success = false;
        _error_msg = "Error: " + e;
    }

    if (oREQ.status != 0 && oREQ.status != 200 && oREQ.status != 304) {
        // don't want to catch caching problems here...
        success = false;
        _error_msg = "Status Code: " + oREQ.status;
    }

    if (oREQ.responseText.length == 0 ) {
        success = false
    }

//	alert(oREQ.responseText)

    var aFiles = oREQ.responseText.match(/[^"]+\.\S+(?=">)/g)
    var oTmp = document.getElementById('show')
    oTmp.innerHTML = aFiles //    alert(aFiles)

    }

    </script>
  </head>
  <body>
    <button onclick="testURIsuccess('./gallery','')">click</button>
    <pre id='show'>
</pre>
  </body>
</html>

is the toy web page and this

<!DOCTYPE HTML PUBLIC "-//W3C//DTD HTML 3.2 Final//EN">
<html>
 <head>
  <title>Index of ..</title>
 </head>
 <body>
<h1>Index of ..</h1>
<ul><li><a href=".."> Parent Directory</a></li>
<li><a href="DM1.jpg"> DM1.jpg</a></li>

<li><a href="DM2.jpg"> DM2.jpg</a></li>
<li><a href="DM3.jpg"> DM3.jpg</a></li>
<li><a href="DM4.jpg"> DM4.jpg</a></li>
<li><a href="DM5.jpg"> DM5.jpg</a></li>
<li><a href="DM6.jpg"> DM6.jpg</a></li>
<li><a href="DM7.jpg"> DM7.jpg</a></li>

<li><a href="DM8.jpg"> DM8.jpg</a></li>
<li><a href="Missing_Photo.gif"> Missing_Photo.gif</a></li>
</ul>
</body></html>

is the toy directory.

To see it in action [copying the filenames to the aFiles array and displaying that], save both files to your desktop and open the webpage.

To test it on your site, change line 88 of the webpage to

<button onclick="testURIsuccess('./gallery/','')">click</button>

[the added "/" is critical], upload the page and open it.

If it doesn't display the filenames on the server the same way it does on the desktop, contact me by email.

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It worked!!! Thank you SO much for all your help!!!! I'm still unclear why I was unable to test this from my local PC. My 'development environment' on my PC mirrors that of the server with respect to folders/file names yet the load of files inside my sub-folder just wouldn't load. No errors. It just seems as if window.location or window.XMLHttpRequest simply is not valid. Any ideas why? I had to test this by making changes then uploading the page to the server (not ideal when you want to ensure the page works 'before' you upload even though you can mitigate this issue with the inconvenience of renaming your page something else while you're testing).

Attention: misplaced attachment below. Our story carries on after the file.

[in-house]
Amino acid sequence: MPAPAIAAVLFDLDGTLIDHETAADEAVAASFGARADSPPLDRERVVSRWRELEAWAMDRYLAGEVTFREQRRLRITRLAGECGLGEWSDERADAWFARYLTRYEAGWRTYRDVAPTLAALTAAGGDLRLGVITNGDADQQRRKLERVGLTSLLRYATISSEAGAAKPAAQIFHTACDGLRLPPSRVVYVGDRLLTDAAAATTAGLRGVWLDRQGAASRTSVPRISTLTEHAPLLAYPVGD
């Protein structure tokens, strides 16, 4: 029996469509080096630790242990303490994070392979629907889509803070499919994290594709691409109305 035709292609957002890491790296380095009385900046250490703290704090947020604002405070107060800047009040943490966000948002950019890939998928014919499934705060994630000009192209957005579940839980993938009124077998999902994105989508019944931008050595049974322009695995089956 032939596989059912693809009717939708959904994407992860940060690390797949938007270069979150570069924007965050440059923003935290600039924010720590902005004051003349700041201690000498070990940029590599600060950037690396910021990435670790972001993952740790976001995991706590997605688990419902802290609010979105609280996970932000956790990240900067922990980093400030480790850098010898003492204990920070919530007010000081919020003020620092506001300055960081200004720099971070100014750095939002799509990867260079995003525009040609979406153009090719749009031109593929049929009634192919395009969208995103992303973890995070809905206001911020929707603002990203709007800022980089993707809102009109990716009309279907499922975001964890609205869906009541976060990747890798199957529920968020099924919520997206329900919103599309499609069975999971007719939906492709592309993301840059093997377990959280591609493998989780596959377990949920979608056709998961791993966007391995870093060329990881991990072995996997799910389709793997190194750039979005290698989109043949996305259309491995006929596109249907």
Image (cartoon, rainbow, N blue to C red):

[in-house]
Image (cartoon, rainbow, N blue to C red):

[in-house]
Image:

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When you say "worked", do you mean that you are using the filenames in the array on the server? If so, please mark this thread "solved" :)

As to the rest of it, access via XMLHttpRequest to folders on your PC is dependent on browser and security settings. On the site there may be a problem with older versions of IE (pre-7, think); if that is, in fact, happening, I can partially compensate.

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I had to test this by making changes then uploading the page to the server

I usually drag the file to my desktop, edit with my favorite editor, then drag it back. If you're careful you can edit with SPD or FP.

That all assumes WebFolders. Otherwise (server permitting) you can do nearly the same with the ftp client built into the browser (IE) or added in (FireFTP+Firefox, or equivalent).

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I use Coffeecup HTML Editor with file folders that mirror what's on the server. Coffeecup has an FTP function built in as well as a test in browser function. I am running XP and IE8. But when I test the html file from my PC those errors occur (whether I test within Coffeecup or test through my browser against the local html file). But everything works correctly once the same file is uploaded to the server and run there. So I can certainly work around the problem. I was just curious as to why the errors occur on my PC. I'll close this thread and if you have ideas, you have my e-mail address as well as the location of the gallery.html file that causes the problem locally.